Perhaps the most powerful pedagogical contribution of writing center theory is the focus on the writer over the writing. A good tutor’s job is to improve the writer, not the paper, a concept described in Stephen North’s 1984 essay “The Idea of a Writing Center.” This is often done through questioning strategies that force the writer to think about her writing rather than commands of how to “fix” it. 

After training my tutors in writing center theory each year, it occurred to me that these ideas could transform writing workshops in my classroom. Now, before my first writing workshop each year, I make sure to teach all my students on a foundational writing center concept: HOCs and LOCs. 

Higher Order Concerns (HOCs) and Lower Order Concerns (LOCs) are how we set the agenda of a writing center appointment. In our writing lab, we have roughly 20 minutes for an appointment, so we need to quickly choose a focus. How do we decide? HOCs and LOCs are our guide. 

HOCs are typically big-picture questions related to revision. Does the paper actually fit the assignment? Is the author’s purpose clear? Does the author need better or more evidence? Has the author provided enough explanation? Would the ideas be better structured a different way?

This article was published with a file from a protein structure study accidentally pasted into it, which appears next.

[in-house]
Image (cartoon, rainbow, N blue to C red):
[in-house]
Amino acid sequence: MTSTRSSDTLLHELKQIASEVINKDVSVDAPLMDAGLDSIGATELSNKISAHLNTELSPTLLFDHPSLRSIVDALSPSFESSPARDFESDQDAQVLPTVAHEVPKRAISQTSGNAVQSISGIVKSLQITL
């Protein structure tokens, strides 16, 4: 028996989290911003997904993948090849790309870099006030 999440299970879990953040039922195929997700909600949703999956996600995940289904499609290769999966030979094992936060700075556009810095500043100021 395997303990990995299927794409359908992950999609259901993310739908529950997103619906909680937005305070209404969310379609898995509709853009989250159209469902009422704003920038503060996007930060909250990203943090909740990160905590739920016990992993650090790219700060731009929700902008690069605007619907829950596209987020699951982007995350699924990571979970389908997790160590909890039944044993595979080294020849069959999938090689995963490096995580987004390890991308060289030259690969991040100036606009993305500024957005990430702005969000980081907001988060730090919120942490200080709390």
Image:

These ideas are higher order because, if they are not meant, nothing else really matters. The paper can have beautiful imagery and perfect grammar, but if the message is not communicated, who cares? 

LOCs are often editing issues. I prefer to call them “later” order concerns rather than lower. They are still important, but they should be addressed later in the writing process or at least after the HOCs. These include punctuation, spelling, correct citations, and word choice. Of course, any issue can become a HOC if it interferes with meaning too much. A student whose grammar is incomprehensible may need a lesson on basic sentence structure first. 

In my experience, left to their own devices, students focus first on LOCs, regardless of the goals of the workshop. It is so much easier to tell someone where to add a comma or that “effect” is misspelled than it is to find out what someone was actually trying to say. For my students to be able to have useful workshops, I need to push them beyond what is easy. 

To train my students, we first outline the HOCs and LOCs on the board. Then, together we read a sample paper out loud, and I have them determine what area should be worked on first and why. What are the most pressing issues in the paper? If you really want to challenge them, make sure the paper has some glaring grammatical problems but even bigger issues with argument.